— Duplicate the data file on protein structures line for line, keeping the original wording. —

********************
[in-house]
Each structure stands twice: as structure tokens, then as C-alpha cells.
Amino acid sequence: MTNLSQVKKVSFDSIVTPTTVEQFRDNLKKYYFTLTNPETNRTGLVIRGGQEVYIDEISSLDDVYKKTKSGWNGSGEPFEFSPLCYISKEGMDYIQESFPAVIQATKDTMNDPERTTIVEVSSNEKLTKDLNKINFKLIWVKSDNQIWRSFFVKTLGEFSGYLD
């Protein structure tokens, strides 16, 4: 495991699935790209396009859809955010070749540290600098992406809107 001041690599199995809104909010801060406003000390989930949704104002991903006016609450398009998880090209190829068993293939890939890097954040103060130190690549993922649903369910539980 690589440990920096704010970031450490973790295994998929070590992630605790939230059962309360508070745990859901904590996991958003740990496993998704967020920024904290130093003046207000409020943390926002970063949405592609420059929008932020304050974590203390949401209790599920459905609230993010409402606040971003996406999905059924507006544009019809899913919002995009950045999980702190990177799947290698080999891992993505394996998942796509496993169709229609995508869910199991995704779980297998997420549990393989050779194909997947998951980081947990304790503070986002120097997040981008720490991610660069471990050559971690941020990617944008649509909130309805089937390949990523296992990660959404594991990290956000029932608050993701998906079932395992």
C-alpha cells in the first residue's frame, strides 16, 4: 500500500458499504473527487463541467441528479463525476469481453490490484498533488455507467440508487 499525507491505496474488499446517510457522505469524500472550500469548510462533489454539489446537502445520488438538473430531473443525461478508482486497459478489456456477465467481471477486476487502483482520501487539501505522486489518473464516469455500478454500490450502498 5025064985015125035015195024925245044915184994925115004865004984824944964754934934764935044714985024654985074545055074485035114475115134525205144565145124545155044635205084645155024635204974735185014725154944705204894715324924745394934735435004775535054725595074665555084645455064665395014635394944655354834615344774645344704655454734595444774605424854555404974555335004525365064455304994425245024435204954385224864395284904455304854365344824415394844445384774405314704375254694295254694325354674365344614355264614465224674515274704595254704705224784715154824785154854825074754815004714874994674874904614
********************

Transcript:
[in-house]
Each structure stands twice: as structure tokens, then as C-alpha cells.
Amino acid sequence: MTNLSQVKKVSFDSIVTPTTVEQFRDNLKKYYFTLTNPETNRTGLVIRGGQEVYIDEISSLDDVYKKTKSGWNGSGEPFEFSPLCYISKEGMDYIQESFPAVIQATKDTMNDPERTTIVEVSSNEKLTKDLNKINFKLIWVKSDNQIWRSFFVKTLGEFSGYLD
């Protein structure tokens, strides 16, 4: 495991699935790209396009859809955010070749540290600098992406809107 001041690599199995809104909010801060406003000390989930949704104002991903006016609450398009998880090209190829068993293939890939890097954040103060130190690549993922649903369910539980 690589440990920096704010970031450490973790295994998929070590992630605790939230059962309360508070745990859901904590996991958003740990496993998704967020920024904290130093003046207000409020943390926002970063949405592609420059929008932020304050974590203390949401209790599920459905609230993010409402606040971003996406999905059924507006544009019809899913919002995009950045999980702190990177799947290698080999891992993505394996998942796509496993169709229609995508869910199991995704779980297998997420549990393989050779194909997947998951980081947990304790503070986002120097997040981008720490991610660069471990050559971690941020990617944008649509909130309805089937390949990523296992990660959404594991990290956000029932608050993701998906079932395992």
C-alpha cells in the first residue's frame, strides 16, 4: 500500500458499504473527487463541467441528479463525476469481453490490484498533488455507467440508487 499525507491505496474488499446517510457522505469524500472550500469548510462533489454539489446537502445520488438538473430531473443525461478508482486497459478489456456477465467481471477486476487502483482520501487539501505522486489518473464516469455500478454500490450502498 5025064985015125035015195024925245044915184994925115004865004984824944964754934934764935044714985024654985074545055074485035114475115134525205144565145124545155044635205084645155024635204974735185014725154944705204894715324924745394934735435004775535054725595074665555084645455064665395014635394944655354834615344774645344704655454734595444774605424854555404974555335004525365064455304994425245024435204954385224864395284904455304854365344824415394844445384774405314704375254694295254694325354674365344614355264614465224674515274704595254704705224784715154824785154854825074754815004714874994674874904614